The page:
Aung San Suu Kyi

Growing pains lie ahead for Suu Kyi's party

PUBLISHED : Thursday, 05 April, 2012, 12:00am
UPDATED : Thursday, 05 April, 2012, 12:00am

It is perhaps hard to remember that less than two years ago Myanmar's opposition leader Aung San Suu Kyi and the old men of her National League for Democracy (NLD) were at one of their lowest ebbs.

Suu Kyi was under house arrest, hundreds of other activists in jail or exile and their headquarters shuttered, along with shops selling her writings and posters.

Worse still, various reports suggested their very relevance was being called into question by Myanmar's younger generation, many of whom were not even been born when their struggle began 22 years earlier.

On Sunday, however, the old men were back, dancing in the front row of a crowd swaying to political rap songs at party headquarters in celebration of Suu Kyi's by-election landslide.

The state media has confirmed that the NLD won 43 of 44 seats it contested against candidates of the military-backed ruling party.

The crushing nature of the victory is a reminder of the immense reverence ordinary Myanmese feel for Suu Kyi as a political, moral, and even spiritual leader.

It also suggests the NLD, if left unmolested and uncensored, could be in a strong position to contest the national elections in 2015, when all 664 seats in both houses of parliament will be up for grabs.

However, some insiders believe that the results may be a little flattering. The NLD, they say, still has a long way to go in organisational terms, given their long years under the jackboot since its landslide victory in 1990 - a win that was never honoured by the former junta.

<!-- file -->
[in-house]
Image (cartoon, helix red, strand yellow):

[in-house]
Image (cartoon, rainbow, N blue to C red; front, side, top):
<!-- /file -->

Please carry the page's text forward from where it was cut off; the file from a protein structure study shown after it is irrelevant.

Sunday's result represented a massive outpouring of support for Suu Kyi and her pro-democracy ideals rather than for individual candidates, they warn.

'They've got a lot of hard work ahead now,' said a veteran Yangon journalist with long experience of the NLD. 'The party leadership is going to have to be regenerated and they have only really started building a national network. Some of their candidates are still very flaky, but it didn't matter this time around.

'Obviously if they are going to have a go at national power, then they are going to have to be very well prepared. History tells us their military opponents are formidable, to say the least.'

NLD campaign manager Nyan Win has acknowledged that a key lesson from the election was problems caused by ward and village committees not having enough resources - from offices to basic equipment.

Their Yangon base shows this all too clearly - with its tin roof, concrete floor and broken furniture it feels more like an abandoned shophouse than a political nerve centre. Suu Kyi has said repeatedly that rebuilding the party after years of repression remains a priority, and she wants to get young blood into the ranks, even though she insists all candidates must be graduates.

For all the clever use of Myanmese rap and upbeat country songs at Suu Kyi's packed rallies, the party still presents an image grounded in seniority.

When the 66-year-old Nobel Peace laureate appears in formal settings, she is often flanked by her ageing executive council in traditional dress. They include octogenarian figures such as NLD co-founder and deputy chief Tin Oo, 85, a former general who once served under her father in the late 1940s. Nyan Win himself is nearly 70.

However, the leadership faces having to absorb recently released prisoners from allied movements, such as the one-time student leaders of Generation 88 or the even younger Generation Wave, a group of young graffiti artists and activists rounded up and jailed in 2007. Generation 88 leaders spent years in solitary confinement in Yangon's notorious Insein Prison and have yet to formally tie the grouping to the NLD movement.

Rap singer Zayar Thaw, a Generation Wave activist, contested and won a seat under the NLD banner in the country's new capital, Naypyidaw. More young faces are expected to be tapped in the next year or so.

So far the ruling Union Solidarity and Development Party has said little about the scale of the NLD's success, or how it will deal with a potential new rival.

For an indication of the historical baggage weighing down the NLD's struggle, you only have to glance at the title of a recently reprinted political tract now available for sale on the streets of Yangon.

The New Burma carries the subtitle From Fascist Bondage to New Democracy. Published in late 1945, the book details the work of Suu Kyi's father, General Aung San and his Burma Patriotic Front.